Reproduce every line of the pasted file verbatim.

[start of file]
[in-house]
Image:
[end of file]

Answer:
[in-house]
Image: